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 Table of Contents  
EDITORIAL
Year : 2022  |  Volume : 2  |  Issue : 1  |  Page : 1

Cancer: Plethora of factors


Department of Gyaenecological Oncology, Dr. B Borooah Cancer Institute, Guwahati, Assam, India

Date of Submission05-May-2022
Date of Acceptance08-May-2022
Date of Web Publication15-Jun-2022

Correspondence Address:
Dr. Amal Chandra Kataki
Department of Gyaenecological Oncology, Dr. B Borooah Cancer Institute, Guwahati - 781 016, Assam
India
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Source of Support: None, Conflict of Interest: None


DOI: 10.4103/aort.aort_12_22

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How to cite this article:
Kataki AC. Cancer: Plethora of factors. Ann Oncol Res Ther 2022;2:1

How to cite this URL:
Kataki AC. Cancer: Plethora of factors. Ann Oncol Res Ther [serial online] 2022 [cited 2022 Jun 25];2:1. Available from: http://www.aort.com/text.asp?2022/2/1/1/347554

It gives me immense satisfaction as I pen down this Editorial for this issue of Annals of Oncology Research and Therapy. Time is the most valuable asset we all have, and when a reader spends their time on a journal, it in turn should do justice to the time spent by them as well as make ripples, if not waves, of scientific curiosity in the readers' mind. When I gather the feedback, I am proud to say that this Journal has churned a positive impact in a quintessential way.

The aphorism, “An apple a day keeps the doctor away,” originated in Wales, first appearing in a publication in 1866 in a different rhyming format: “Eat an apple on going to bed and you'll keep the doctor from earning his bread.” The saying reappeared in 1913 in its present form. Through the ages, the apple has come to symbolize health and healthy habits and has been used by health organizations to symbolize lifestyle choices that lead to health and wellness.[1]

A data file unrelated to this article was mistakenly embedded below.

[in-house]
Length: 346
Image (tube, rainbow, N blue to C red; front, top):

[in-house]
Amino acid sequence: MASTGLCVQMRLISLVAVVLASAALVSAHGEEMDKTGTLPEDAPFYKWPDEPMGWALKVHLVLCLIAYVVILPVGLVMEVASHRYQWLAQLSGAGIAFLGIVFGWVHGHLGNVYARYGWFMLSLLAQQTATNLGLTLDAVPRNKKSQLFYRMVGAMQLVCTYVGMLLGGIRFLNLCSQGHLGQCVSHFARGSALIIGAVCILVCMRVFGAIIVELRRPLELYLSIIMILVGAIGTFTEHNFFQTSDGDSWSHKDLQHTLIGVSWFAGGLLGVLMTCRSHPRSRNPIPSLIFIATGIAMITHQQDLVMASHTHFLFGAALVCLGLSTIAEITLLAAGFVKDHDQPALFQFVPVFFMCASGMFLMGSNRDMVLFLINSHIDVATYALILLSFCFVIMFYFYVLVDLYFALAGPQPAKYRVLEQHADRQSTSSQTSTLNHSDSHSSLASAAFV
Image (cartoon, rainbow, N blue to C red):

The incidence of cancer is increasing worldwide. Patterns of cancer are also changing. The plasticity of cancer patterns denotes environmental factors as determinants of cancer and nutrition influences key cellular and molecular processes that characterize cancer.[2] It has been estimated that diet and nutrition could account for 20%–25% of the worldwide cancer burden. The obesogenic effects of a high-calorie diet and lack of physical activity could account for about 10%–15% of the cancer burden, whereas about 5% may be attributable to alcohol and another 5% to specific dietary factors combined. Some nutritional exposures (alcohol and processed meat) are likely causative factors, but no singular factor protects against cancer (except dietary fiber for colorectal cancer). Cancer protection mainly arises from a systemic metabolic environment that promotes healthy cell replication and tissue integrity.[3]

Since ancient times, emphasis on nutrition has been made by our ancestors. The Atharva Veda has mentioned the medicinal value of Indian spices and the significance of good nutrition for building a strong immune system.[4] We live in a fast world where we often ignore the small things which may have a butterfly effect on our overall health. Good nutrition, regular exercise, and a healthy lifestyle should be a part of our daily schedule.

Among the plethora of factors responsible for the causation of cancer, diet and nutrition are modifiable factors. This is a potential advantage that should be capitalized. I congratulate the editorial board, authors, Wolters-Kluwer Medknow, and all well-wishers of this Journal on their commendable endeavor.



 
  References Top

1.
Davis MA, Bynum JP, Sirovich BE. Association between apple consumption and physician visits: Appealing the conventional wisdom that an apple a day keeps the doctor away. JAMA Intern Med 2015;175:777-83.  Back to cited text no. 1
    
2.
Wiseman MJ. Nutrition and cancer: Prevention and survival. Br J Nutr 2019;122:481-7.  Back to cited text no. 2
    
3.
Papadimitriou N, Markozannes G, Kanellopoulou A, Critselis E, Alhardan S, Karafousia V, et al. An umbrella review of the evidence associating diet and cancer risk at 11 anatomical sites. Nat Commun 2021;12:4579.  Back to cited text no. 3
    
4.
Jiang TA. Health benefits of culinary herbs and spices. J AOAC Int 2019;102:395-411.  Back to cited text no. 4
    




 

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